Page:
by Shaista Aziz
Tuesday 21 October 2003 2:16 PM GMT
Antiwar activists are claiming a first round victory over attempts to stop President Bush's first state visit to the UK.
President Bush, visiting London in November for a three days, was looking forward to meeting the Queen at Buckingham Palace.
This was to have entailed a grand procession along the Mall with all the pomp and ceremony of a state visit, but it has been cancelled over fears that antiwar campaigners would stage a colourful and angry protest to overshadow the event.
The President was also due to address the Houses of Parliament and House of Commons on his three day visit. However, that too has been cancelled.
Peace activists claim that both have been dropped over concerns that anti war MPs would boycott the session, causing embarrassment to Tony Blair.
Bush aides expected that the US president would get the same VIP treatment extended to Russian President Vladimir Putin during his four-day state visit in June. However, that looks extremely unlikely now from a security point of view.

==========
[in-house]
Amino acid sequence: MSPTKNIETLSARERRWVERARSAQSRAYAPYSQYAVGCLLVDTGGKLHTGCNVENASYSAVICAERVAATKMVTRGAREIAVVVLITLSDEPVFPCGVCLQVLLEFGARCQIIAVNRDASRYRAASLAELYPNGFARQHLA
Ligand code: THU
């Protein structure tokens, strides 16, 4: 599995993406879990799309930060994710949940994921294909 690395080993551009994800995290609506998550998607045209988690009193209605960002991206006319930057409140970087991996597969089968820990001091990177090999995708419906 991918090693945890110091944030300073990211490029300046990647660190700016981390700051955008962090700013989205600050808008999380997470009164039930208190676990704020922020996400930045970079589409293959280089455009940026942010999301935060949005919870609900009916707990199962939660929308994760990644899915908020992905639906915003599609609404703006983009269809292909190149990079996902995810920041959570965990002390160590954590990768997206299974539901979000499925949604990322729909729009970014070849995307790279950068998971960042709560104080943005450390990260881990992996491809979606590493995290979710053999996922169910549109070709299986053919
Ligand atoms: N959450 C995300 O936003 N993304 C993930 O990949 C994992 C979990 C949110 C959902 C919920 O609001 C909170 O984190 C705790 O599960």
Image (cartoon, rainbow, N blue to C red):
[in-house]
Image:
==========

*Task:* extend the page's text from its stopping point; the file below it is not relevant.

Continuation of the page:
Downing Street told Aljazeera.net that they were unable to confirm 'speculation' over plans for Bush's state visit.
However, a Downing Street insider confirmed "things are not going according to plan" because of the hostility towards the Bush administration.
Jubilant antiwar campaigners have vowed to keep up the pressure and demand that the invitation for President Bush's visit to London is retracted.
John Rees, spokesman for the Stop the War Coalition told Aljazeera.net that protesters are determined to prevent the state visit.
''We have already achieved a fantastic victory by preventing Bush from addressing Parliament.
"We are outraged that this war monger has been invited to the UK and we will work hard at ensuring that the antiwar voices are heard'', he said.
Peace campaigners from across the UK are already holding meetings ahead of the visit, to organise demonstrations and actions.
See Telegraph article on the same topic: